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Table 3 Factors associated with the participants’ psychological distress (GHQ Likert scores) 3 years into their professional work lives

From: The transition from university to work: what happens to mental health? A longitudinal study

Independent variablesTotal sample
(n = 773)
Healthcare
(n = 357)
Teachers
(n = 228)
Social workers
(n = 188)
Prior psychological distress
 GHQ Likert score as student0.15***0.18***0.18**0.08
 Explained variance6.2% ***8.1% ***8.9% ***1.8%
Sociodemographics
 Age0.030.10*−0.05− 0.01
 Gender−0.06− 0.08− 0.05− 0.09
 Civil status0.020.06−0.03− 0.01
R2 change0.7%1.8%0.8%1.7%
 Explained variance6.9% ***9.9% ***9.7% ***3.5%
Professional role
 Confidence0.000.19*−0.04−0.17
 Theoretical understanding−0.04− 0.01−0.160.04
 Methodical aspects0.080.02−0.020.25*
R2 change0.2%1.2%0.1%2.5%
 Explained variance7.1% ***11.1% ***9.8% **6.0%
Psychosocial work environment
 Demand0.14***0.12*0.110.18**
 Control−0.020.06−0.14*0.03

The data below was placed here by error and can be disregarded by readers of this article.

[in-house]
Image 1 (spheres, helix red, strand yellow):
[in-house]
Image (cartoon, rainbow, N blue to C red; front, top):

Support−0.01−0.18*0.21*−0.03
R2 change4.6% ***5.2% ***6.7% **5.7% *
 Explained variance11.7% ***16.3% ***16.4% ***11.7% *
Quality of life
 Global quality of life−0.46 ***−0.45***−0.48***− 0.45 ***
R2 change18.8% ***17.6% ***19.2% ***18.5% ***
 Explained variance30.5% ***33.9% ***35.6% ***30.2% ***
 Durbin-Watson1.981.962.101.88
  1. Effect sizes are standardized β weights. General Health Questionnaire (GHQ-12 Likert) is scored 0–36 with higher scores indicating more psychological distress; female = 1, male = 2; not married/partner = 1, married/partner = 2 (civil status); professional role variables are scored from 1 (not at all) to 5 (extremely); psychosocial work environment variables are scored as higher scores indicating higher levels of job demand, personal control, and experienced support; global quality of life is scored as higher scores indicating higher quality of life
  2. ***p < 0.001, **p < 0.01, *p < 0.05